However much they tried to flout convention, my characters nonetheless remained trapped by the same rigid constraints as Jane Austen’s, for example – some things are inescapable.
So, I needed to know how Regency people lived, what they ate, how they spoke. I asked questions like, what were they reading? What did they do for entertainment? What were the realities of living in a world where your food was only seasonally available?
What about language … slang for instance? Do you know that to get drunk was to get foxed?
I can’t tell you how fascinating I found all of this! The historical details I was discovering drew me in and I couldn’t wait to get my story down.
As I began writing, I realised that there was so much more that I didn’t know. The Regency period is a popular genre because it was a rich tapestry of war, mad kings, unique fashions and proper manners, and I couldn’t get enough!
Interesting piece of trivia: the 1810 equivalent of the word ‘bloke’ was ‘blade’. Regency gentlemen wore dress-swords every day but when it came to serious sword business, these fellas carried the big kahuna.
I wanted to know all about those. Not that swords feature heavily in my books, but to really put myself in the time, I decided to look at them, examine their design and understand how they were forged. Did you need arms like Arnie to be able to wield one?
Food was another point of interest for me (food is always a point of interest with me). How did people ensure the family had enough to eat, how did they store grain, preserve meat and summer fruits into the winter months?
Again, to find answers I read books; I found old recipes and learned all about jars and cabinets people used then for keeping food. I even found a recipe for making ice cream – it’s referred to in my second novel Inviolate, where one of my characters describes it.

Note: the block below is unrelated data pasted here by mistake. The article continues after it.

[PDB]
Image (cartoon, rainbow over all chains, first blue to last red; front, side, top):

One of the most memorable pieces of feedback I received from a fan was that she learned so much from reading my books. She said it made the story all the more fascinating.
Alright, so where’s all this leading? The point I’m making is that if you want to write historical fiction begin by reading the genre. Read as many historical fictions as you can get your mitts on. If you’re not drawn to it at this level, it’s unlikely you’d enjoy writing about it.
Then research and research, and only when you think you’ve learned everything you need to know, begin writing your book.
That’s when you’ll discover you need more research. And even if you don’t use all the information you learn, it serves to put you in the scene and that’s important because it’s the little details that catch you out and alter the reader’s experience.
I’ve spent a lot of time talking about research because I believe it’s the singularly most important element in writing authentically in the historical genre.
The next most important piece of advice I have is to just start writing.
Karen Turner is an Australian author, who discovered a passion for fiction writing as an escape from the corporate world, which led to a rather eclectic compilation of short stories, All That and Everything. First published in 2009, many of the short stories have since won literary awards. Karen has also published two novels: Torn (2013) and Inviolate (2014). Find out more at www.karenturner.com.au